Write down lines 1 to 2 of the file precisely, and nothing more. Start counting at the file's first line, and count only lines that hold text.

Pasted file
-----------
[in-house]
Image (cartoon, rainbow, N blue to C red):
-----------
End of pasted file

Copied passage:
[in-house]
Image (cartoon, rainbow, N blue to C red):